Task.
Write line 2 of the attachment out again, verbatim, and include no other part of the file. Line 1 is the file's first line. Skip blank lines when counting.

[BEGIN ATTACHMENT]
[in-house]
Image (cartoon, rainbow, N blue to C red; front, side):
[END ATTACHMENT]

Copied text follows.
Image (cartoon, rainbow, N blue to C red; front, side):